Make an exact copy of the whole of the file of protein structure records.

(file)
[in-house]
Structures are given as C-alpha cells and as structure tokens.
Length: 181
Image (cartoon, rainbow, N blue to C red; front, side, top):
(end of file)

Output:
[in-house]
Structures are given as C-alpha cells and as structure tokens.
Length: 181
Image (cartoon, rainbow, N blue to C red; front, side, top):